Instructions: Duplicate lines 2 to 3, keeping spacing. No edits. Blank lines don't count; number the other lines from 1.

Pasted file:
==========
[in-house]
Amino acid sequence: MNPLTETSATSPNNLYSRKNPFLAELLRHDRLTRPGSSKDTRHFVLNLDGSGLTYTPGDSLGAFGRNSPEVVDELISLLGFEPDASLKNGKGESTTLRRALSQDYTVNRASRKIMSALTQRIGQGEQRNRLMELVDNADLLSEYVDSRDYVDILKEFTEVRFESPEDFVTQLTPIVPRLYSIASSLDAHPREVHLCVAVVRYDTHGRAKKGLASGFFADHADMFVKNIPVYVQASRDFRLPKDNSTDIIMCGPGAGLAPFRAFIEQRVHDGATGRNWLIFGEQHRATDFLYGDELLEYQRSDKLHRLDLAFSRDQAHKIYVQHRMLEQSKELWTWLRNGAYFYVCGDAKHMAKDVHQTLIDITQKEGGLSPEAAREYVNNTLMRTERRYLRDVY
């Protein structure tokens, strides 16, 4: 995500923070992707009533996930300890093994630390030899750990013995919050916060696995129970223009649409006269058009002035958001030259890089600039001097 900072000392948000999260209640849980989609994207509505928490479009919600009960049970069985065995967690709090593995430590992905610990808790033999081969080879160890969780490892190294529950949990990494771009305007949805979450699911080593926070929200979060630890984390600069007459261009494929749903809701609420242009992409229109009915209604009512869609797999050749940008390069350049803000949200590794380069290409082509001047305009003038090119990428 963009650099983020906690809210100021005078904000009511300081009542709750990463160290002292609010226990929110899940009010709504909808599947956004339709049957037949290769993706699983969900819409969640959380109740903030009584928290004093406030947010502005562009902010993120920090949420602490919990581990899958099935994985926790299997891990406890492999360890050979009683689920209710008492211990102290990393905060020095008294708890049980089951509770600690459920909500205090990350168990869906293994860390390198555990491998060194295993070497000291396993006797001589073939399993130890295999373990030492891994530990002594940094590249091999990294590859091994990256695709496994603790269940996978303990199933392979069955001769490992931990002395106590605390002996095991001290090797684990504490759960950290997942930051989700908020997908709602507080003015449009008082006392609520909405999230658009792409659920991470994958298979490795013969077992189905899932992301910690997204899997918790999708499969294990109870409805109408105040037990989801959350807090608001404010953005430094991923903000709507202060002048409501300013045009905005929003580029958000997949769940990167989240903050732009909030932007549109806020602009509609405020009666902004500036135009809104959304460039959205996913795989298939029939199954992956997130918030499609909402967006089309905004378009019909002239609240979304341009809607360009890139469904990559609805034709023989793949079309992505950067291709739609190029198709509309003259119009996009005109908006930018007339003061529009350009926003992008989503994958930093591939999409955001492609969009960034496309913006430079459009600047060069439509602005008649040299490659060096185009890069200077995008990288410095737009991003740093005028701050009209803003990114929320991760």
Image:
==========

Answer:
Amino acid sequence: MNPLTETSATSPNNLYSRKNPFLAELLRHDRLTRPGSSKDTRHFVLNLDGSGLTYTPGDSLGAFGRNSPEVVDELISLLGFEPDASLKNGKGESTTLRRALSQDYTVNRASRKIMSALTQRIGQGEQRNRLMELVDNADLLSEYVDSRDYVDILKEFTEVRFESPEDFVTQLTPIVPRLYSIASSLDAHPREVHLCVAVVRYDTHGRAKKGLASGFFADHADMFVKNIPVYVQASRDFRLPKDNSTDIIMCGPGAGLAPFRAFIEQRVHDGATGRNWLIFGEQHRATDFLYGDELLEYQRSDKLHRLDLAFSRDQAHKIYVQHRMLEQSKELWTWLRNGAYFYVCGDAKHMAKDVHQTLIDITQKEGGLSPEAAREYVNNTLMRTERRYLRDVY
């Protein structure tokens, strides 16, 4: 995500923070992707009533996930300890093994630390030899750990013995919050916060696995129970223009649409006269058009002035958001030259890089600039001097 900072000392948000999260209640849980989609994207509505928490479009919600009960049970069985065995967690709090593995430590992905610990808790033999081969080879160890969780490892190294529950949990990494771009305007949805979450699911080593926070929200979060630890984390600069007459261009494929749903809701609420242009992409229109009915209604009512869609797999050749940008390069350049803000949200590794380069290409082509001047305009003038090119990428 963009650099983020906690809210100021005078904000009511300081009542709750990463160290002292609010226990929110899940009010709504909808599947956004339709049957037949290769993706699983969900819409969640959380109740903030009584928290004093406030947010502005562009902010993120920090949420602490919990581990899958099935994985926790299997891990406890492999360890050979009683689920209710008492211990102290990393905060020095008294708890049980089951509770600690459920909500205090990350168990869906293994860390390198555990491998060194295993070497000291396993006797001589073939399993130890295999373990030492891994530990002594940094590249091999990294590859091994990256695709496994603790269940996978303990199933392979069955001769490992931990002395106590605390002996095991001290090797684990504490759960950290997942930051989700908020997908709602507080003015449009008082006392609520909405999230658009792409659920991470994958298979490795013969077992189905899932992301910690997204899997918790999708499969294990109870409805109408105040037990989801959350807090608001404010953005430094991923903000709507202060002048409501300013045009905005929003580029958000997949769940990167989240903050732009909030932007549109806020602009509609405020009666902004500036135009809104959304460039959205996913795989298939029939199954992956997130918030499609909402967006089309905004378009019909002239609240979304341009809607360009890139469904990559609805034709023989793949079309992505950067291709739609190029198709509309003259119009996009005109908006930018007339003061529009350009926003992008989503994958930093591939999409955001492609969009960034496309913006430079459009600047060069439509602005008649040299490659060096185009890069200077995008990288410095737009991003740093005028701050009209803003990114929320991760």